As capacities are built across all levels of government, there are emerging opportunities and challenges to scale up the gains across the fishing groups of the country. The following recommended actions have been put forward for the Philippine government to consider:
In 2003 when we received our marching orders to promote sustainable fisheries in the four FISH Project areas, we knew that we would be facing many great challenges. But we also knew with certainty that what we were tasked to do was not impossible. Now, seven years later, we are proud of our many accomplishments particularly in helping our partner LGUs achieve some capacity in controlling a number of critical factors that could cause harm to their municipal fisheries.
But the question persists, can sustainable fisheries happen? On this, we remain hopeful. Sustainable fisheries can certainly happen, but not without more hard work from everyone concerned.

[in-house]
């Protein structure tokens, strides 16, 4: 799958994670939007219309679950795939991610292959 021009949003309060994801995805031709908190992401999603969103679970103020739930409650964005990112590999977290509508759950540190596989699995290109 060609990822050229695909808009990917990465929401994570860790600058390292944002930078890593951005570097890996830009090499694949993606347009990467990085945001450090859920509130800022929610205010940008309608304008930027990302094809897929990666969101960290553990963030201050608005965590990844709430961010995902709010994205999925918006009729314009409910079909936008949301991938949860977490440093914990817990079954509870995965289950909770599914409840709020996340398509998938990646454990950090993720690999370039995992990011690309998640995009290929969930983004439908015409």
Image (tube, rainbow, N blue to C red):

Fact is sustainable fisheries must happen. Our fishery resources are not something we can lose without dire consequences. The stakes are too high. And having gone this far, after learning and accomplishing so much, those who are responsible for municipal fisheries in our focal areas, along with those who are mandated to assist them, are at least in a better place today than seven years ago, even with a still good distance to go. Through their shared experience in implementing the FISH Project, they have gained knowledge steeped in reality, and it will stand them in good stead as they continue their way forward to sustainable fisheries, more surely and more confidently now that they have the wisdom of experience and clarity of hindsight. We hope it will guide them to a future where sustainable and responsible fisheries are the norm rather than the exception, the primary consideration rather than merely an afterthought.